While I’ve recently covered quite a string of impressive Alpina models, the reality is that all of them leave me a bit wanting. It’s not that they aren’t lovely, or full of incredible and beautiful detail. It’s not that they’re in bad condition, misused or abused. It’s not salvage titles, accident history or even poorly presented advertisement. No, for me, it’s what you get for your money. I understand the nature of exclusivity and certainly the Alpinas offer that. They, for the most part, also back up that exclusivity with well-engineered increased performance, so while the appearance package helps to set them apart, few Alpinas are posers. But when the asking prices for aftermarket E30s are $50,000, $60,000 – even $90,000 dollars, for you not to question the sanity of the market would be seriously worrysome. That’s especially true since you can get Alpina’s arguably most impressive product from the same period for less:
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For my first BMW post, I wanted to go with something a little more unique than a run-of-the-mill M3 or M5. I can’t imagine that many people are aware that BMW offers their M6 Gran Coupe with an option for a manual transmission. This makes it one of very few high-end, performance oriented luxury sedans still available with a third pedal. There is no such option available on the Porsche Panamera or the Audi RS7, and certainly not on the Mercedes CLS63 AMG. So I decided to go with a very striking Sakhir Orange Metallic M6 Gran Coupe with a 6-speed manual transmission.
Searching through various BMW forums, I couldn’t find anything on a manual M6 Gran Coupe. However, I did come across a thread on m5post where a consumer was recently contemplating whether to order their new M5 with a DCT or a manual (6MT), and asking for guidance on what to order. Surprisingly for a car enthusiast forum, the vast majority of votes went for DCT. Commenters said that the F10 M5 was not designed for a manual, and that the DCT was much better suited to the car. In the end, the original poster decided to go with the DCT. Bummer, but I guess that makes the manual that much rarer. Anyhow, given the unpopularity of the 6MT on the current M5, I can only imagine that it’s even less common on the M6 Gran Coupe.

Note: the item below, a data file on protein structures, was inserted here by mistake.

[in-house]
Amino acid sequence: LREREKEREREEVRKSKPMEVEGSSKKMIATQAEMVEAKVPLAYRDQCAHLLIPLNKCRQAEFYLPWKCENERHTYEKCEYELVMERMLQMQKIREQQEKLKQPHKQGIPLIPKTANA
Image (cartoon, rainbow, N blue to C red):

CLICK FOR DETAILS: 2014 BMW M6 Gran Coupe on Car Gurus
In the UK, where I grew up, the E46 3-series was available with a Sport package from 2001 onwards. This added M-Tech suspension, an M-Tech II bodykit, sport seats, steering wheel and “M V-Spoke” Style 72 alloys (later replaced by style 135s). The revised bumpers and spoilers definitely lent the car a more aggressive, sporting edge and considerably enhanced the overall look of the car. The package, officially renamed from “Sport” to “M Sport” in 2005, proved immensely popular throughout the E46 production run. As a result, the UK used market is filled with relatively cheap examples. Not so in the US. When I moved here, I soon discovered that the American E46 did not receive the same package until 2003, and only then on the 330i/330ci models. Known here as the ZHP or “Performance Package,” this added all of the aforementioned upgrades plus redesigned camshafts and a remapped engine computer, supposedly bringing power to 235 hp (10 hp more than standard models). Ticking this option box added nearly $4,000 to the cost of the car, making ZHP-equipped models relatively uncommon. As a result, when used examples do crop up they seem to command a considerable price premium.
CLICK FOR DETAILS: 2003 BMW 330i ZHP on eBay
Yesterday Paul wrote up a 530i Sport noting that for many, the styling of the E39 5-series is vastly preferable to the E60 that came afterward, burdened as it is with awkward creases and controversial styling courtesy of BMW design guru Chris Bangle. I tend to agree, although I also think the E60, especially in sport specification, will probably become better appreciated as it ages. While yesterday’s 530i with an autobox represents, as Paul put it, the “bread and butter” of the range, this particular car is a bit more special. The standard 540i, powered by a torquey 4.4 liter V8 making nearly 300 hp, is already a very capable sport sedan in its own right. The M-sport package however, which adds M-sport exterior styling, suspension and wheels, brings the car within firing range of the M5.